Mule deer populations are still robust across much of the West, and mule deer hunts remain widely available, both as outfitted opportunities and do-it-yourself, public land hunts. This month, I’m focusing on some states that may not come immediately to mind when you think of mule deer, but still offer many opportunities for quality hunts and trophy animals.
ARIZONA: www.azgfd.gov. The Arizona mule deer population declined from the early 1980s through 2000, but has increased about 10 percent in the last decade. Current estimates place its mule deer population between 75,000 and 120,000 animals. Arizona received exceptional moisture in 2013 and this year’s fawn crop should be good, which is good news for the next several years. Overall hunter success ran only about 12 percent in 2012, but a significant number of permits are for archery hunts, which typically bring the success rate down. Arizona controls all permits by draw, and a license is required to enter. Arizona’s trophy mulies usually come from the Kaibab Plateau and the Arizona Strip (the part of Arizona above the Grand Canyon). Late season permits on the Kaibab and any permit on the Strip are difficult to draw. Archery hunters have two opportunities annually in Arizona, including a January hunt that begins on New Year’s Day and coincides with the desert mule deer rut. If hunters are unsuccessful in the January bowhunt, they may use the same license and tag for the August-September general archery hunt as well. While these tags are available over the counter (OTC), not all units are open for holders of these tags. Fall 2014 regulations won’t be posted until around May.
In our April issue (Article 3071), we addressed Arizona’s trophy deer opportunities on the Kaibab, where subscriber Butch Kuflak took a buck that final scored 200 5/8 B&C with outfitter Marvin James (928-526-6212; www.jamesguideservice.com). The northwest corner of the state, either the Arizona Strip or the Kaibab (particularly in the late-season), offers the best trophy mule deer hunting in Arizona — if you can draw the tag. There are a lot of deer on the Kaibab. However, some early-season Kaibab hunts, such as the Unit 12A early hunt or the archery hunt, offer better draw odds than those late-season hunts. A number of outfitters, including James, offer these early hunts, but don’t expect the 200-inch deer that come later with the rut and migration.
The Navajo Reservation in Northeastern Arizona produced some exceptional mule deer in the past and can do so again (see Article 335 by Mel Toponce from 2000). The process for acquiring a permit is convoluted. To have the best chance of getting the permits you want, you, or a representative carrying a signed application and a cashier’s check or money order, must be present when tags are drawn, auctioned, or first offered for sale. Details for the 2014 permits will be available in December on the Navajo Nation Fish and Wildlife website at www.nndfw.org. The kicker here is that the General Season permits are a bargain — $1,500 for rifle mule deer and elk, $500 for archery.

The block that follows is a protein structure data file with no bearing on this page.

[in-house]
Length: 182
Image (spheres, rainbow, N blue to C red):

At press time we talked with Jeff Cole, a biologist for the Navajo Reservation, and he recommended working with a guide. The website has a list of 32 guides licensed to hunt the reservation. One of the guides listed is Galen Pinto (505-236-6219) who was recommended by Mel Toponce in 2000. We talked to Pinto, who told us he will do the legwork (which has included waiting in line for two weeks) to get your General Season tags (for elk or mule deer) or Special Trophy tags. He charges $2,500 to guide for a General Season Hunt and $4,500 for a seven-day hunt with a trophy tag. The trophy tags, by the way, cost $6,000.
Toponce also recommended two other guides whose names are on the 2013 active guides list: MacDonald Avery (505-870-0227) and Lea Dennison (505-870-8657). We talked to Dennison, who has hunts available for 2014 and says he charges $3,500 for a mule deer hunt, including guiding, transportation on the reservation and camping. Dennison also recommended Rex Koontz (602-300-1410), a fellow member of the Navajo Guides Association which auctions a number of tags at their convention in March.
NEVADA: www.ndow.org. Nevada deer herds have struggled in recent years, dropping from nearly 130,000 deer in 2001 to about 106,000 in 2013. Some units, notably those with predation management, are stable to increasing and deer licenses have been increased. Overall hunter success for 2012 was 42 percent, indicating that permit numbers are managed fairly conservatively (the state had only 24,500 deer hunters in 2012). Nonresident tags are only available through the draw, but two different draw opportunities exist, one for hunters booked through outfitters, one for those hunting without an outfitter. While most of Nevada is public land, the limited number of tags available for do-it-yourself hunters limits the opportunity for nonresidents to hunt on their own. One unique opportunity is the early archery hunt in the Ruby Mountains south and east of Elko. During this hunt, mule deer bucks are still bunched up in bachelor groups and very visible above timberline.
Look for tags through the outfitter draw, or apply for Unit 221-222, which has three sets of season dates. My choice would be the middle hunt, since the last hunt has so few available nonresident tags as to make it impossible to draw.
Senior Western Correspondent Lance Stapleton also recommends checking the Nevada hunts offered by Bruce and Craig Hubbard of Triple H Hunting in Salem, Utah (435-623-2744; triplehhuntinginc.com.
Another fun hunt is the Ruby Mountains (mostly units 101 and 102), again through the outfitter draw. In Report 8014 from 2010, subscriber Scott Olds describes a mountain goat hunt in which guide Walt Gardner of Secret Pass Outfitters (775-779-2201; www.secretpassoutfitters.com) “went the extra mile” to make his hunt a success. Gardner is wide open for 2014 since he doesn’t book hunts until after the outfitter draw in March. He currently charges $2,500 for a mule deer hunt and says most of the bucks his clients take score in the 140s and 150s. “I don’t sell ‘trophy’ hunts because we don’t have deer that big.”
My personal choice for a Nevada trophy tag would be Unit 115-muzzleloader. There are great deer in this unit and the muzzleloader season coincides with the rut and a downhill migration due to snow.